International Women’s Day in 2023, themed “DigitALL: Innovation and technology for gender equality”, highlights the urgent need to look at the gender equality agenda with new eyes, abandoning old notions of gender. The message is clear – harnessing digital technologies for the benefit of both women and men is not only about access, but also about proper education and fair representation on this digital journey.
Today global technological trends and narratives are mixed: they do open new vistas of opportunities for women in innovation, but every opportunity must be taken to seize the momentum to close the gender gap.
The digital divide has become the new face of inequality – in concrete terms roughly 37 percent of the world’s population still have no internet access. Significant gender gaps remain in access to digital technologies and digital skills – 69 percent of men use the internet vs 63 percent of women. But the digital divide is not only about hard infrastructure that increases the damage to human potential. In human terms, globally women are only 28 percent of the STEM workforce, and are less likely than men to have degrees in science and tech-related fields.
The root causes of inequality can be found in unconscious biases and harmful gender stereotypes. Researchers claim such norms already affect children’s minds at preschool age. Later at school there is a general perception that success in a STEM field is associated with gender, not with hard work. The outcome – low representation of women even in STEM textbooks, then on executive boards of hi-tech companies. As a recent study claims, women are vastly underrepresented among founders and investors of Web3 companies and get four times less funding than all-male companies. Such trends must be addressed through institutional change and a transformation of social norms.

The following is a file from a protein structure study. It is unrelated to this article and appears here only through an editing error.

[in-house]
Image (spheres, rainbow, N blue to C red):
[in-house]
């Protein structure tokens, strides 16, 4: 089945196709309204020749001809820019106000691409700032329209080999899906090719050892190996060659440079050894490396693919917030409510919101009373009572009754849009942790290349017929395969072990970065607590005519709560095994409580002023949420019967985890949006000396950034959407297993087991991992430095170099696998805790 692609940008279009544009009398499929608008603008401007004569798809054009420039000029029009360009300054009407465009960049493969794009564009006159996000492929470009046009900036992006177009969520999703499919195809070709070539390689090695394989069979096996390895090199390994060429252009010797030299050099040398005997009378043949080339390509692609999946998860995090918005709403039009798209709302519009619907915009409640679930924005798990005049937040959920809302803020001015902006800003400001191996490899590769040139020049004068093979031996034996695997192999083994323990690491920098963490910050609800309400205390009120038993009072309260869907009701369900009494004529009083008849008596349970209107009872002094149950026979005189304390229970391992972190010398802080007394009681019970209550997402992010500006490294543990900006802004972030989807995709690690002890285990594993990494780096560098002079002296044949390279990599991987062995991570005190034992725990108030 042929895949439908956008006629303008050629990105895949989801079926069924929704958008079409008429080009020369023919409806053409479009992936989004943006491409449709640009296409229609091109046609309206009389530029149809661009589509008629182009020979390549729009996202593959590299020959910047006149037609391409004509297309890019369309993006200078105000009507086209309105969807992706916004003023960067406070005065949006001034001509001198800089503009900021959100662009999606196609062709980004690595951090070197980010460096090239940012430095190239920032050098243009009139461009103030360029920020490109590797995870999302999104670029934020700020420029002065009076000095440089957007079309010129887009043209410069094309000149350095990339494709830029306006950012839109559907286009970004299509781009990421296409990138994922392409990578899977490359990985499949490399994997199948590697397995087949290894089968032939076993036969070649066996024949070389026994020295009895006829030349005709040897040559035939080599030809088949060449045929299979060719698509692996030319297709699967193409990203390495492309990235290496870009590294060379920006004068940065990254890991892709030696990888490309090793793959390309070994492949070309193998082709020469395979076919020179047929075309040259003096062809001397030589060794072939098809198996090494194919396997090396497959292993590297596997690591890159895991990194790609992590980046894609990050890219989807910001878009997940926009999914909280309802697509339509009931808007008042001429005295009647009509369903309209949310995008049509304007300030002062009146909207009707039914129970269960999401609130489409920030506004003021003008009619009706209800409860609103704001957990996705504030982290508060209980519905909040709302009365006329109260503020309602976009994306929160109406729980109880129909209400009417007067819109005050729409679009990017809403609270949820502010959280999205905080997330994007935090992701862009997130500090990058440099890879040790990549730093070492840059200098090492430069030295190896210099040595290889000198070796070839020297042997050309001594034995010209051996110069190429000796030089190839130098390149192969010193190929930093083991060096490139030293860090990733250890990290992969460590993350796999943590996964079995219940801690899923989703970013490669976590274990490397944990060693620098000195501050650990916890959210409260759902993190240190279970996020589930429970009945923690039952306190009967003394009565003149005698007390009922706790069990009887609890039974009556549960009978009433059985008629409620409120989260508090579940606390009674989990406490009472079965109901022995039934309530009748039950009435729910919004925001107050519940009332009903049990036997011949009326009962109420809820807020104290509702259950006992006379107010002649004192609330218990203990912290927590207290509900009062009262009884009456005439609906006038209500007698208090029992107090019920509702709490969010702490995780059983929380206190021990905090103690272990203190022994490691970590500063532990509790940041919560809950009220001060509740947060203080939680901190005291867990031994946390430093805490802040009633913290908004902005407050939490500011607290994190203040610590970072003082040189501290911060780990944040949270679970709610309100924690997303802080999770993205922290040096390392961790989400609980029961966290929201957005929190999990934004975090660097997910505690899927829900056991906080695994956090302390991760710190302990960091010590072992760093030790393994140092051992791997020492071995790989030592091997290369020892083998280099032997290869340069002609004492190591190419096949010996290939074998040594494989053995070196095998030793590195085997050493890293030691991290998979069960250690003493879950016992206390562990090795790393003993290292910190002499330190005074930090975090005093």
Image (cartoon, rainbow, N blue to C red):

Kazakhstan climbs the gender equality ladder
In recent years, Kazakhstan has progressed in the gender equality agenda. According to the latest Global Gender Gap report, the country rose to the 65th ranking, an impressive leap in the last decade. The country has invested in a major way in digitizing public services. Recently, Kazakhstan ranked 28th in the e-Government Development Index 2022. The internet penetration rate is also quite high at 85,9 percent, with 84.9 percent of women having access to it.